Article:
Be in­ven­tive with ex­po­sure

Syn­ony­mous with short ex­po­sures, ac­tion images some­times ben­e­fit from longer shut­ter speeds for creative ef­fects

Digital Photograper - - Creative Sport & Action -

Se­lect­ing the right shut­ter speed is es­sen­tial for ac­tion images to work. Whether you choose to freeze ac­tion or blur move­ment with creative longer ex­po­sures, you need to com­mit to one or the other for the ef­fects to ap­pear in­ten­tional. Karl Lund­holm’s area of work re­quires short ex­po­sures by de­fault. “I love to freeze that big in­com­ing wave so you can see ev­ery drop and tex­ture of the wa­ter. To do this I will not go slower than 1/1,250 of a sec­ond,” he ex­plains. How­ever, shorter speeds also play a role in his creative work­flow: “I love when the sun has set and the surfers are com­ing to the beach. To get [nat­u­ral-look­ing] sil­hou­ettes of surfers and a beau­ti­ful sky in the back­ground, I do not keep my shut­ter speed that fast.” mov­ing past a fixed point, such as the use of pan­ning in ath­let­ics or mo­tor sports. When shoot­ing cars or bikes, there is very lit­tle about the sub­ject that sug­gests it is mov­ing when us­ing a very fast shut­ter speed. An ex­po­sure of 1/2,000sec will freeze move­ment

Be­yond es­sen­tial ex­po­sure cal­cu­la­tion, shut­ter speeds are a crit­i­cal con­sid­er­a­tion when at­tempt­ing to por­tray mo­tion cre­atively. Pro­fes­sional sports shoot­ers of­ten use slower ex­po­sures to con­vey speeds of sub­jects of the ve­hi­cle and the wheels, mak­ing it ap­pear as if it is sim­ply parked on the track. By low­er­ing the ex­po­sure time to around 1/60sec and track­ing the sub­ject with the lens as the im­age is taken, the im­por­tant ar­eas of the shot re­main sharp, while the back­ground is re­duced to a creative blur of mo­tion. When at­tempt­ing this tech­nique, prac­tice is re­quired to gain the cor­rect bal­ance of sub­ject sharp­ness and creative blur. By fir­ing a burst of images in con­tin­u­ous shoot­ing mode as you pan the cam­era, you can in­crease your ‘hit’ rate, as you have more cov­er­age of the scene as it un­folds. Vari­ances on this theme in­clude zoom­ing dur­ing an ex­tended ex­po­sure or mov­ing ahead of the sub­ject, to pro­duce dif­fer­ent blur­ring ef­fects.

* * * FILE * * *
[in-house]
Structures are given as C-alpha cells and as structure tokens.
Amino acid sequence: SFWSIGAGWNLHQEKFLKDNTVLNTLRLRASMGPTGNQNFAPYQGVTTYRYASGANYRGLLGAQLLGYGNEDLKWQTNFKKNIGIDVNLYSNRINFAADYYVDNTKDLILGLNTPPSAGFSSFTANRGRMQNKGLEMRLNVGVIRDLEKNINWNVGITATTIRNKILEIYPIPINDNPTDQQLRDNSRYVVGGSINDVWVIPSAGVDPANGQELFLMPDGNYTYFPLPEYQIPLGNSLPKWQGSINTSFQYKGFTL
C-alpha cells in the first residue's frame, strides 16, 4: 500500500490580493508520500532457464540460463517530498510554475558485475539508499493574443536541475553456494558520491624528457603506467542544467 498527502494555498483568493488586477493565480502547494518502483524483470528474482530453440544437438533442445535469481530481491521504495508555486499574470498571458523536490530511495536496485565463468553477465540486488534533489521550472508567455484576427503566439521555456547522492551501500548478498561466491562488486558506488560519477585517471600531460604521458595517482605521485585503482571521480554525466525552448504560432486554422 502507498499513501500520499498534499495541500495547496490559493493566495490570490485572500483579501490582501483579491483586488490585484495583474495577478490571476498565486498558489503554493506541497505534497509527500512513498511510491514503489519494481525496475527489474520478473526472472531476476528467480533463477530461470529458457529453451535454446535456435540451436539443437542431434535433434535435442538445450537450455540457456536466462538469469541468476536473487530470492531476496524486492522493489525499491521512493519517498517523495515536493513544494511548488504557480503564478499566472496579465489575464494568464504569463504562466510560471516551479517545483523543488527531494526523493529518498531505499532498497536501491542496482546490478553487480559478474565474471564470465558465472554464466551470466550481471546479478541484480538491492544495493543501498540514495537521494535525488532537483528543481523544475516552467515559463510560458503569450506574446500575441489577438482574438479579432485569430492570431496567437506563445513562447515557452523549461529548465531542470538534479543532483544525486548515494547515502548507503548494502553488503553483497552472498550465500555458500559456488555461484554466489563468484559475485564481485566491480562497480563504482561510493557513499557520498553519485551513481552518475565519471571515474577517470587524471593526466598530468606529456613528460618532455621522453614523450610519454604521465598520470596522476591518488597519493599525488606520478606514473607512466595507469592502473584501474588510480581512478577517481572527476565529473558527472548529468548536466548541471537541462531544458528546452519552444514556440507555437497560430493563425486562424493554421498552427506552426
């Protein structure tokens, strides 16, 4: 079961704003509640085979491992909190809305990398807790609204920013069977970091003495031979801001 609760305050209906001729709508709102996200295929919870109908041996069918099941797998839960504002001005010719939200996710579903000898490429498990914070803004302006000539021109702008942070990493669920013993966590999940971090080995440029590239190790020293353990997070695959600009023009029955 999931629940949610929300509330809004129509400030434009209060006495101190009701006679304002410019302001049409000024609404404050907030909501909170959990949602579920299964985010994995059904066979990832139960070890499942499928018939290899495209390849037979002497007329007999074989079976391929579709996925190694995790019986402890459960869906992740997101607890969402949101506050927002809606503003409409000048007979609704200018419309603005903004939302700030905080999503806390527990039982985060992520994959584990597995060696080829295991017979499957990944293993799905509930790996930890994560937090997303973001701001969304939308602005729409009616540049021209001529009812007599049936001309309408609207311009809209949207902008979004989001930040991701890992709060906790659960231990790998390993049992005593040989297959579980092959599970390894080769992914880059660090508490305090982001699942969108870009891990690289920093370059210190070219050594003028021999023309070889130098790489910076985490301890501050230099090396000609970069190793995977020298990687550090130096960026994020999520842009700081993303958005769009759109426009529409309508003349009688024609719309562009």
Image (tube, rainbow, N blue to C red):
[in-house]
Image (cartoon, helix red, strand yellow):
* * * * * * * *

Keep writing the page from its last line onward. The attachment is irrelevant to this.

“Shut­ter speeds are a crit­i­cal con­sid­er­a­tion when at­tempt­ing

to por­tray mo­tion cre­atively”

suB­jeCt fo­Cus Blur min­imises dis­trac­tions for added sub­ject em­pha­sis suB­jeCt shArp­ness In all ac­tion images, the main sub­ject should be blur-free Added en­erGy Wheel ef­fec­tively con­veys sub­ject’s speed

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